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Residence permits for Nigeria

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Nigeria allows foreign nationals to stay and work on its territory under certain conditions and dictates specific procedures for obtention of a residence permit, about which you can find information in this article.

Prerequisites for claiming a resident permit in Nigeria

You need to be on the spot to apply for a Nigerian resident permit (called “Combined Expatriate Residence Permit and Aliens Card for Nigeria”), and you should have entered the national territory legally.

If you are a national of a member state of the Economic Community of West African States (ECOWAS), which encompasses Benin, Burkina Faso, Cape Verde, Cote d’ivoire, Gambia, Ghana, Guinea, Guinea Bissau, Liberia, Mali, Niger, Senegal, Sierra Leone, Equatorial Guinea and Togo, you can enter the territory of Nigeria visa-free and stay there for a maximum period of 90 days.

Otherwise you must apply for a Subject to Regularisation visa before moving to Nigeria (see our Visas for Nigeria article).

Procedure to obtain a Combined Expatriate Residence Permit and Aliens Card for Nigeria

Long-term expats are required to apply for a Combined Expatriate Residence Permit and Aliens Card (CERPAC), which acts as both a work permit and a residence permit. Holding an employment offer or contract is necessary, and a CERPAC is always tied to a specific job. Dependants accompanying an expat taking on a job in Nigeria are also entitled to a CERPAC.

First, you should procure application forms from a bank recognised by the government, and submit your application within three months from the date of obtention of the forms.

After completing the forms, you should send your nearest Nigeria Immigration State Command Office a file comprised of:

  • A valid passport;
  • if applicable, your STR (Subject to Regularization) visa;
  • a confirmed employment offer/contract from an employer, along with your acceptance letter;
  • a letter from the employer requesting a regularisation of stay and accepting Immigration Responsibility over you;
  • your employer’s Quota Approval;
  • the form IMM22;
  • three passport–size photographs; and
  • vetted work credentials.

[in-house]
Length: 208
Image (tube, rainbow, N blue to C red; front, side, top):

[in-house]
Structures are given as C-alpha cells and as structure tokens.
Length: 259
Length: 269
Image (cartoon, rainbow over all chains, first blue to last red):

Fees for a CERPAC vary from $200 to $350 a year according to your nationality, your profile and purpose of stay. You can request a CERPAC with a validity of one or two years, renewable.

Foreign students accepted into a recognised higher education institution in Nigeria can also claim a CERPAC, providing certificates from their school and evidence of payment of tuition fees instead of the certificates of employment. The student CERPAC costs $200 a year.

Upon receipt, verification and endorsement of your application file, you will receive a Receipt/Temporary Card with an Immigration/CERPAC Stamp. You will also be called to come in person to the Nigeria Immigration State Command Office so that your biometric details can be captured. You will eventually receive your Nigerian CERPAC Green Card.

 Attention:

Your CERPAC Green Card does allow you to stay and work in Nigeria, but not to come and go as you please. Even as a resident, you still need a re-entry visa if you want to come back after holidays, leaves or temporary duty periods outside the country.

Special Immigrant Status in Nigeria

Foreigners married to Nigerian women enjoy a “Special Immigrant Status” in Nigeria under which they can claim a free-of-charge CERPAC, untied to the necessity of holding a job in the country.

In this case, you will only need to provide:

  • A valid passport;
  • the form IMM22 in triplicate;
  • three passport–size photographs;
  • a formal letter from your Nigerian wife, stating she accepts Immigration Responsibility;
  • a formal letter of request from you;
  • photocopies of the first five pages of your spouse’s passports; and
  • a photocopy of your marriage certificate.

 Useful link:

Nigerian Immigration Service (NIS)

We do our best to provide accurate and up to date information. However, if you have noticed any inaccuracies in this article, please let us know in the comments section below.
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